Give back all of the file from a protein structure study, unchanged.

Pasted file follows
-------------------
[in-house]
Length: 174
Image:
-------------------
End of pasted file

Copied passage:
[in-house]
Length: 174
Image: